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Association with persistent neuroleptic-induced dyskinesia of regional changes in brain GABA synthesis


The movement disorder tardive dyskinesia is a serious side effect of the long-term treatment of schizophrenia with neuroleptic drugs. Similar symptoms to those of tardive dyskinesia have been observed in Cebus apella monkeys following long-term treatment with neuroleptic drugs1,2, and these monkeys may therefore be a useful animal model of tardive dyskinesia. Motor defects have persisted in these dyskinetic monkeys for periods of 1–6 yr after the cessation of neuroleptic treatment. We report here that in three regions of the brains of dyskinetic monkeys (substantia nigra, medial globus pallidus and subthalamic nucleus) glutamate decarboxylase activities and γ-aminobutyric acid (GABA) levels are reduced relative to control monkeys that had been treated with neuroleptics but which showed none of the symptoms of tardive dyskinesia. These results suggest that alterations in the GABA neurone system are involved in neuroleptic drug-induced tardive dyskinesia.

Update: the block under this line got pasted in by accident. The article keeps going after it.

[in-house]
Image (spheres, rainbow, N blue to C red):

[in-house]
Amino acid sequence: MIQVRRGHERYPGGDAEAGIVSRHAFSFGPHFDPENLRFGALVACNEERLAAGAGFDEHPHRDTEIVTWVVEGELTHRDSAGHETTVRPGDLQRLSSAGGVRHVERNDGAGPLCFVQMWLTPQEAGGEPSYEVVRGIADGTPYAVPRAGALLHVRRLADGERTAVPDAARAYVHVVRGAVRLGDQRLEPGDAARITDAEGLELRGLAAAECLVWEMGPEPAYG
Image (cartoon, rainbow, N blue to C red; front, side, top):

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Gunne, LM., Häggström, JE. & Sjöquist, B. Association with persistent neuroleptic-induced dyskinesia of regional changes in brain GABA synthesis. Nature 309, 347–349 (1984).

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